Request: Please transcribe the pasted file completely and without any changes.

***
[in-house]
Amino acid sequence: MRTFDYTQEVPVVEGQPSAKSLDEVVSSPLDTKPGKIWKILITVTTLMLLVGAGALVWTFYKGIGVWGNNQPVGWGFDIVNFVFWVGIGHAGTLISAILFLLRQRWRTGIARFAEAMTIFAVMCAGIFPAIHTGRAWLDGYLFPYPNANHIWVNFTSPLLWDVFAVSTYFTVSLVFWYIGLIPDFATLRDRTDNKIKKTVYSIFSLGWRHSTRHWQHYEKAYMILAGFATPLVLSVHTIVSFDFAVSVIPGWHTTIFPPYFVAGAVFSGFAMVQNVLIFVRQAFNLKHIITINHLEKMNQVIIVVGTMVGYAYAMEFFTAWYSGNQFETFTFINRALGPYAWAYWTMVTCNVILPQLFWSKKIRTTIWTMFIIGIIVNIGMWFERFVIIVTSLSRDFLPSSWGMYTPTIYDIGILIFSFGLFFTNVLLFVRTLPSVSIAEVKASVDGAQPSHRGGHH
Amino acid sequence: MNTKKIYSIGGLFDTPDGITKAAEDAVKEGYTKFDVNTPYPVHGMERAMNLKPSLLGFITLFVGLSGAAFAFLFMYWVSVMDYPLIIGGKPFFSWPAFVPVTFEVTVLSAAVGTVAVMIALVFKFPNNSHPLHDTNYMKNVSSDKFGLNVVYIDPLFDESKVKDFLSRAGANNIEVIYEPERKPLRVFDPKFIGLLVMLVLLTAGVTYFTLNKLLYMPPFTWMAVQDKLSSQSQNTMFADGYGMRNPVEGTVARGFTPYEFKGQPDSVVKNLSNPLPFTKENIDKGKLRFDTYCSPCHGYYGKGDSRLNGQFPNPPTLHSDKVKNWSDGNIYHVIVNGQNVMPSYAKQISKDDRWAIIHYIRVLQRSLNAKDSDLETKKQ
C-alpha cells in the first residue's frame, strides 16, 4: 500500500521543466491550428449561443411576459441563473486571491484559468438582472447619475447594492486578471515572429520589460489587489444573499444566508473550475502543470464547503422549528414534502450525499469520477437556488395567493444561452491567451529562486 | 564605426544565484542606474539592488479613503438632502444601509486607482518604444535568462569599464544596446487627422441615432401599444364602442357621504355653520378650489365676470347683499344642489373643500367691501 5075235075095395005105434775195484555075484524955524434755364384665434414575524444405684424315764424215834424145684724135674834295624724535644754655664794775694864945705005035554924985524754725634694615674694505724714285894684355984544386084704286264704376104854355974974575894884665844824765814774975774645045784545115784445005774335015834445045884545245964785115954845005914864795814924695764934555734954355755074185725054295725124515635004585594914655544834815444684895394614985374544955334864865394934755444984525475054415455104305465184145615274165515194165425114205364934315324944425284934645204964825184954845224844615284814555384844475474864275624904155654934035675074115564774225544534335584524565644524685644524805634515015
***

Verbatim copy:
[in-house]
Amino acid sequence: MRTFDYTQEVPVVEGQPSAKSLDEVVSSPLDTKPGKIWKILITVTTLMLLVGAGALVWTFYKGIGVWGNNQPVGWGFDIVNFVFWVGIGHAGTLISAILFLLRQRWRTGIARFAEAMTIFAVMCAGIFPAIHTGRAWLDGYLFPYPNANHIWVNFTSPLLWDVFAVSTYFTVSLVFWYIGLIPDFATLRDRTDNKIKKTVYSIFSLGWRHSTRHWQHYEKAYMILAGFATPLVLSVHTIVSFDFAVSVIPGWHTTIFPPYFVAGAVFSGFAMVQNVLIFVRQAFNLKHIITINHLEKMNQVIIVVGTMVGYAYAMEFFTAWYSGNQFETFTFINRALGPYAWAYWTMVTCNVILPQLFWSKKIRTTIWTMFIIGIIVNIGMWFERFVIIVTSLSRDFLPSSWGMYTPTIYDIGILIFSFGLFFTNVLLFVRTLPSVSIAEVKASVDGAQPSHRGGHH
Amino acid sequence: MNTKKIYSIGGLFDTPDGITKAAEDAVKEGYTKFDVNTPYPVHGMERAMNLKPSLLGFITLFVGLSGAAFAFLFMYWVSVMDYPLIIGGKPFFSWPAFVPVTFEVTVLSAAVGTVAVMIALVFKFPNNSHPLHDTNYMKNVSSDKFGLNVVYIDPLFDESKVKDFLSRAGANNIEVIYEPERKPLRVFDPKFIGLLVMLVLLTAGVTYFTLNKLLYMPPFTWMAVQDKLSSQSQNTMFADGYGMRNPVEGTVARGFTPYEFKGQPDSVVKNLSNPLPFTKENIDKGKLRFDTYCSPCHGYYGKGDSRLNGQFPNPPTLHSDKVKNWSDGNIYHVIVNGQNVMPSYAKQISKDDRWAIIHYIRVLQRSLNAKDSDLETKKQ
C-alpha cells in the first residue's frame, strides 16, 4: 500500500521543466491550428449561443411576459441563473486571491484559468438582472447619475447594492486578471515572429520589460489587489444573499444566508473550475502543470464547503422549528414534502450525499469520477437556488395567493444561452491567451529562486 | 564605426544565484542606474539592488479613503438632502444601509486607482518604444535568462569599464544596446487627422441615432401599444364602442357621504355653520378650489365676470347683499344642489373643500367691501 5075235075095395005105434775195484555075484524955524434755364384665434414575524444405684424315764424215834424145684724135674834295624724535644754655664794775694864945705005035554924985524754725634694615674694505724714285894684355984544386084704286264704376104854355974974575894884665844824765814774975774645045784545115784445005774335015834445045884545245964785115954845005914864795814924695764934555734954355755074185725054295725124515635004585594914655544834815444684895394614985374544955334864865394934755444984525475054415455104305465184145615274165515194165425114205364934315324944425284934645204964825184954845224844615284814555384844475474864275624904155654934035675074115564774225544534335584524565644524685644524805634515015